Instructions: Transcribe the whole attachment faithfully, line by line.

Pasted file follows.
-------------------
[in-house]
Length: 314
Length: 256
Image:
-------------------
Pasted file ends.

[in-house]
Length: 314
Length: 256
Image: